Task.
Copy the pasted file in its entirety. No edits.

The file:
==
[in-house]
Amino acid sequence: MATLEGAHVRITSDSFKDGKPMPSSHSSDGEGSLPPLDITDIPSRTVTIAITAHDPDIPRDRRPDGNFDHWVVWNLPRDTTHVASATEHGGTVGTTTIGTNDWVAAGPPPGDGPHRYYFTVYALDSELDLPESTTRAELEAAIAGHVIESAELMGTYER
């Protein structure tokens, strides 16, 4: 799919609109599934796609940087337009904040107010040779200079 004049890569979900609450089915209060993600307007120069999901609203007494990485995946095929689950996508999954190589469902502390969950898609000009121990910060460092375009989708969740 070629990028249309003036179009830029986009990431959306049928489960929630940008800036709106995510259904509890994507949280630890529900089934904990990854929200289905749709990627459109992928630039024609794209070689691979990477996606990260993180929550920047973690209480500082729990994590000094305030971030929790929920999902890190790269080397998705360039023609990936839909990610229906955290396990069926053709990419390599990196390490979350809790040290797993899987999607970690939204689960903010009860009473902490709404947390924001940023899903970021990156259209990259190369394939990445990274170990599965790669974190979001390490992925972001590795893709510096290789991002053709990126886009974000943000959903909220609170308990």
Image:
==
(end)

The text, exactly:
[in-house]
Amino acid sequence: MATLEGAHVRITSDSFKDGKPMPSSHSSDGEGSLPPLDITDIPSRTVTIAITAHDPDIPRDRRPDGNFDHWVVWNLPRDTTHVASATEHGGTVGTTTIGTNDWVAAGPPPGDGPHRYYFTVYALDSELDLPESTTRAELEAAIAGHVIESAELMGTYER
């Protein structure tokens, strides 16, 4: 799919609109599934796609940087337009904040107010040779200079 004049890569979900609450089915209060993600307007120069999901609203007494990485995946095929689950996508999954190589469902502390969950898609000009121990910060460092375009989708969740 070629990028249309003036179009830029986009990431959306049928489960929630940008800036709106995510259904509890994507949280630890529900089934904990990854929200289905749709990627459109992928630039024609794209070689691979990477996606990260993180929550920047973690209480500082729990994590000094305030971030929790929920999902890190790269080397998705360039023609990936839909990610229906955290396990069926053709990419390599990196390490979350809790040290797993899987999607970690939204689960903010009860009473902490709404947390924001940023899903970021990156259209990259190369394939990445990274170990599965790669974190979001390490992925972001590795893709510096290789991002053709990126886009974000943000959903909220609170308990």
Image: